Edinburgh Housemails Taxation Book, 1634-1636

Aaron Allen (Editor), Cathryn Spence (Editor)

Research output: Book/ReportBook

Abstract

The Edinburgh Housemails Taxation Book, 1634-6, is a unique record, offering unprecedented insight into the fabric of a seventeenth-century European capital city. This one-off tax on house rent, or ‘mail’, was intended to pay the stipends for Edinburgh’s ministers. At the request of Charles I, full power and commission was given, ‘for passing through the whole city and trying of what mail every tenement, dwelling house, low tavern, cellar or chamber.’ An inventory was taken, which survives in manuscript form in the Edinburgh City Archives, though it seems the tax was never actually collected. While the housemails tax may have been a failure in terms of municipal fund-raising, it left an incredibly detailed record of the socio-economic and political structures of the Scottish capital.
Recording landlords, tenants, rental and annuity for over 900 businesses and 3,900 houses, the record enables us to reconstruct the topographies of Edinburgh down to house-by-house level. Whilst Cardinal Beaton’s Lodgings, or the Pudding Market, no longer survive, details from the tax record shed important light on these missing structures and enable us to interpret surviving buildings, such as Mary King’s Close, or Gladstone’s Land. Now published in its entirety for the first time, this valuable record gives us an exceptional view of an early modern capital, illuminating those sections of society so often hidden from history, and giving us a rare window into the people and property of Edinburgh on the eve of revolution.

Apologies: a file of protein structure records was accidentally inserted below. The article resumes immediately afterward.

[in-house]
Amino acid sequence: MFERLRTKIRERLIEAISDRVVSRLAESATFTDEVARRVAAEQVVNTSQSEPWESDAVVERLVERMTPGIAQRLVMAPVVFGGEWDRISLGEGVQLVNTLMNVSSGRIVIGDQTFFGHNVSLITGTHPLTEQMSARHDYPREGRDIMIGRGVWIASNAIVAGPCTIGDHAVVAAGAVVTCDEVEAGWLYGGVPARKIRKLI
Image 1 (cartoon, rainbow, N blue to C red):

Original languageEnglish
Place of PublicationWoodbridge
PublisherScottish History Society
Number of pages628
ISBN (Print)978-0-906245-39-2
Publication statusPublished - 2014

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